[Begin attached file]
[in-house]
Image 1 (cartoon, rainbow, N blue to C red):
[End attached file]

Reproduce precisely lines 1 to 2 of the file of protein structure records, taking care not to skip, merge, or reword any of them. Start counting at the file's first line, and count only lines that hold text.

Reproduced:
[in-house]
Image 1 (cartoon, rainbow, N blue to C red):